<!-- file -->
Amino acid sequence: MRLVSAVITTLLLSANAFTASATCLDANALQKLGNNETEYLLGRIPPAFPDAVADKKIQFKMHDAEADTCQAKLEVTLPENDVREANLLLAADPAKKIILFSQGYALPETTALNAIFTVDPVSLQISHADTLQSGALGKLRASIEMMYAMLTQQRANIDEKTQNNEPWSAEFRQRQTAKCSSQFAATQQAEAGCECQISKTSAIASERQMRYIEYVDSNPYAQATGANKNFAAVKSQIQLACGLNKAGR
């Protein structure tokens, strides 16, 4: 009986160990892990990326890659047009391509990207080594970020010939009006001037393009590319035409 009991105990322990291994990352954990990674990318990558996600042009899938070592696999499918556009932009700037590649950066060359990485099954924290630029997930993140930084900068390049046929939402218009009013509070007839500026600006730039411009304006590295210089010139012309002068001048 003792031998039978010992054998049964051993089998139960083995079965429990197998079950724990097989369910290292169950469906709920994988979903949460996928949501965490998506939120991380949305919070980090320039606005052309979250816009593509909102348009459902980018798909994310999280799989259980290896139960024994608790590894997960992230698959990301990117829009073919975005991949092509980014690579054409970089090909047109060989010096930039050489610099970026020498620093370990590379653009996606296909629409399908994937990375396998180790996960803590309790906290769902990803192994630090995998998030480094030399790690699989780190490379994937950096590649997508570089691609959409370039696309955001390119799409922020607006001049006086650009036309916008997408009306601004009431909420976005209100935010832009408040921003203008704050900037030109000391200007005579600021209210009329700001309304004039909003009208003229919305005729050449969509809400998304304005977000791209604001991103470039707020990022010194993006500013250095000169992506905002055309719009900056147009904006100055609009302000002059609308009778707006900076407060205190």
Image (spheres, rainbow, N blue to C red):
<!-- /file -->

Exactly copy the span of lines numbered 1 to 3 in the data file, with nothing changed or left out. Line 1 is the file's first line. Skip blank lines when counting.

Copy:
Amino acid sequence: MRLVSAVITTLLLSANAFTASATCLDANALQKLGNNETEYLLGRIPPAFPDAVADKKIQFKMHDAEADTCQAKLEVTLPENDVREANLLLAADPAKKIILFSQGYALPETTALNAIFTVDPVSLQISHADTLQSGALGKLRASIEMMYAMLTQQRANIDEKTQNNEPWSAEFRQRQTAKCSSQFAATQQAEAGCECQISKTSAIASERQMRYIEYVDSNPYAQATGANKNFAAVKSQIQLACGLNKAGR
């Protein structure tokens, strides 16, 4: 009986160990892990990326890659047009391509990207080594970020010939009006001037393009590319035409 009991105990322990291994990352954990990674990318990558996600042009899938070592696999499918556009932009700037590649950066060359990485099954924290630029997930993140930084900068390049046929939402218009009013509070007839500026600006730039411009304006590295210089010139012309002068001048 003792031998039978010992054998049964051993089998139960083995079965429990197998079950724990097989369910290292169950469906709920994988979903949460996928949501965490998506939120991380949305919070980090320039606005052309979250816009593509909102348009459902980018798909994310999280799989259980290896139960024994608790590894997960992230698959990301990117829009073919975005991949092509980014690579054409970089090909047109060989010096930039050489610099970026020498620093370990590379653009996606296909629409399908994937990375396998180790996960803590309790906290769902990803192994630090995998998030480094030399790690699989780190490379994937950096590649997508570089691609959409370039696309955001390119799409922020607006001049006086650009036309916008997408009306601004009431909420976005209100935010832009408040921003203008704050900037030109000391200007005579600021209210009329700001309304004039909003009208003229919305005729050449969509809400998304304005977000791209604001991103470039707020990022010194993006500013250095000169992506905002055309719009900056147009904006100055609009302000002059609308009778707006900076407060205190």
Image (spheres, rainbow, N blue to C red):